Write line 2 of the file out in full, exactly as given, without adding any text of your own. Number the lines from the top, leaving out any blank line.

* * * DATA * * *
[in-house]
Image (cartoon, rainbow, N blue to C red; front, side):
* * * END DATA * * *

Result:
Image (cartoon, rainbow, N blue to C red; front, side):